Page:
3-Day Muir Climb Day-to-Day Itinerary
Day Before the Climb.
Climbers are required to arrive in Seattle the afternoon before our trip begins. That afternoon at 2:00pm you will be met at our office by an Alpine Ascents staff member to give you an overview of the climb, answer all your questions and make sure you have all your equipment or rental gear necessary for the climb. We will also give you instruction in Leave No Trace (appropriate wilderness practices) and discuss the National Park Mission Statement. You will return to your hotel for an early morning pick up on Day 1.
Training: Review the functionality of each piece of gear, wilderness ethics, LNT and mission statement of the National Park Service
On the first day of the climb we meet at the Alpine Ascents Office at 6:00am, where we pack up the van and drive to Mount Rainier. There we meet the rest of the Alpine Ascents guide team.
After breakfast we drive into Mount Rainier National Park to a destination known as Paradise (5,400 ft). This beautiful area is the start for many nature hikes and is the starting point for our climb to Camp Muir (10,080 ft). After donning our packs we hike Park trails to the snow line where we continue up on snow to Camp Muir. The hike takes 4 to 5 hours and we will stop to rest several times along the way and you will receive instruction on many topics such as moving efficiently on snow and discuss topics such as glaciology and volcanology. . Prominent features of this hike include ascending up and over Panorama Point (7,100 ft), crossing the glacier fed stream of Pebble Creek (7,200 ft), & viewing the formidable Nisqually Glacier & Ice Cliff that spans top to bottom on this southern aspect of Mt. Rainier. We have excellent views of the Kautz Glacier & Fuhrer Finger climbing routes from the Muir Snowfield. As we crest the final portion of the Muir Snowfield & arrive Camp Muir (10,000 ft) we have Muir Peak to our East & the massive ridge line of the Cowlitz Cleaver to the West.
That night we sleep in our private hut at Camp Muir. The hut allows us to have further discussions on mountain topics as well as eat dinner in a private environment.
Training: Discuss safety aspects of climb. Instruction includes rest steps, pressure breathing temperature management, hydration and mountain physiology. During rest periods we have short discussions on glaciology and mountain environments
After breakfast we begin our training. We cover all aspects of self arrest, crampon and ice axe use as well as proper rope techniques for climbing the mountain. Training in this venue affords spectacular views to the South of Mt. Adams, Mt. St. Helens, and Mt. Hood, as well as the Cowlitz Glacier & Cathedral Ridge to the North East. After lunch we pack our personal gear along with tents and climb across the Cowlitz Glacier over the rocky ridge line of Cathedral Gap to Ingraham Flats. (11,100 to 11,200 feet depending on where we camp). This two-hour climb allows us to train in rope management and glacier travel skills while bringing us to a beautiful and remote location at the base of the Ingraham Glacier. From this camp we can see Little Tahoma (11,100 ft) a prominent sub-peak of Mt. Rainier, and the North Cascades range including the volcanoes Glacier Peak and Mt. Baker. Here we establish our high camp. Our first goal is to make good tent sites that will protect our tents from the elements while we are on our summit attempt. Our guides will prepare the dining tent, boil water for our meals and give a detailed account of what will be required the next day. We go to bed early so that we can wake up around midnight and prepare for the summit climb.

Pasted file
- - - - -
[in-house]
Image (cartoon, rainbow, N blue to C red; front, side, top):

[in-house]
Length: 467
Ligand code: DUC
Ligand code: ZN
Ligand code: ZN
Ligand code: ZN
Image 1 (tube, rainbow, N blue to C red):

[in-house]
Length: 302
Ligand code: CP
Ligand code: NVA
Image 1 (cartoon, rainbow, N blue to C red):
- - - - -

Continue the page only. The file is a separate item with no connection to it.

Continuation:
Training: Rope management, crampon technique, use of avalanche transceivers, self arrest and glacier travel.
We start our climb around midnight. After getting dressed we jump into the dining tent for breakfast and top off our water bottles. Our route depends on the time of year and conditions. We will either ascend the Disappointment Cleaver or the Ingraham Glacier Direct Route (early season only). As we are far ahead of those climbers coming from Camp Muir we will have the mountain to ourselves. Climbing up from our camp on the Ingraham Glacier or snow/rock slopes of the Disappointment Cleaver we encounter a steeper pitch and apply our learned technique of precise footwork & regulated breathing, which then moderates as we continue above 12,300 feetfor the remaining 2,000 feet of glacier leading up the volcano's cone to the Crater Rim. It takes a total of 4 to 5 hours to ascend from our high camp to the crater rim and then another hour to Columbia Crest, the main summit of Mount Rainier. Along the way we route find around crevasses and seracs and make our way up the mountain clipping fixed protection with our climbing ropes when necessary. We take short rests along the way to hydrate and eat. As it is often cold these rest stops are frequent but short in duration. Our goal is to keep a moderate yet steady pace which allows us to keep warm during the early morning hours. After reaching the Crater Rim we take a longer break and if all is good, head across the crater itself for another hour to Columbia Crest.
After celebrating the summit and taking photos we descend carefully back to Ingraham Flats. Here we pack up our camp, rope up and climb back down to Camp Muir. Much of our gear will be left here for other expeditions that will be coming up. From Camp Muir we carry our personal gear back to Paradise and then drive back to Seattle for an evening of dining and fun.Training: This day allows to implement and enforce what we have learned in the previous days